Compassion is the awareness of the suffering of others and the desire to relieve it. It is the ability to listen to all points of view, empathise with them and develop solutions to meet everyone’s needs, including your own. Having compassion for others reduces stress and enables you to work more harmoniously as a team.
You need to have compassion for yourself as a leader too, allowing yourself to make mistakes, to take time out when needed and to be human. If you fail to have compassion for yourself and manage your stress, you will eventually burn out.
A high volume of change requires you to influence others and bring them with you. Compassion is not airy-fairy fluff and nonsense. It involves building powerful connections, being curious and seeking first to understand and work collaboratively with others. Compassion is a strength. True compassion implies a willingness to engage with a person as a whole and shows vulnerability with enormous power behind it.
When people work with the horses, they very quickly learn whether they are compassionate or not. Some clients, by their own admission, say they are more interested in getting the job done than bringing people with them. The pressure on them in business is so great they overlook the importance of the relationships. The horses will often give these people a hard time, either by taking charge and dragging the client around the arena, or by refusing to move until the client builds the relationship.
Horses simply won’t tolerate a leader who doesn’t afford them an appropriate level of compassion in the process. People are more likely to go along with a leader who doesn’t show them compassion, but they do it begrudgingly. These clients begin to see the true value in building relationships. They learn that they achieve the task more quickly with a cooperative team, and that it is more enjoyable too when you take the time to build a relationship.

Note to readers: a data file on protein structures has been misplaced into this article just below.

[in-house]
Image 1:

There are times when you get to the limit of your skill set. What do you do in those moments? Do you become more coercive? Do you sit back and ask others their opinion? What happens when nobody agrees? Do you take a stand?
What’s your default behaviour when you reach the edge of your capabilities?
If you’ve ever found yourself speaking from a place of frustration, you lack compassion at that moment. You’ve stepped over a line into coercive behaviour. There is such a fine line between passive and assertive behaviour. When there is conflict, however minor the disagreement, there is a tendency to push your own opinion or give in and say nothing for the sake of a quiet life.
Employees genuinely want to do a good job. They honestly don’t set out to hurt others. If you repeatedly push employees to their limits and beyond, they develop work-related stress and anxiety.
When compassion is lacking in the workplace, people don’t feel heard and understood. They may feel put upon, and you may experience resistance and negativity as a result. Employees who feel put upon will eventually stop going the extra mile. It can lead to a silo mentality where people only do what serves them and no longer consider the bigger picture. This reduces collaboration and innovation.
Compassion is not about being nice to people in order to get what you want. That is manipulation. Compassion is genuinely caring for the needs of the business, other people and yourself, and showing it. It doesn’t always mean everybody is happy. Most people, when faced with making someone redundant, will do it with compassion. Those one-off events are easier because you consider them carefully and plan them. But what of the everyday conversations with people who you find challenging? How compassionate are you towards those people? Do you recognise that everyone is doing their best and treat them gently, even though they may not be doing what you want them to do?
Compassion isn’t always taking the easy option. It is making a powerful choice in service of a bigger picture.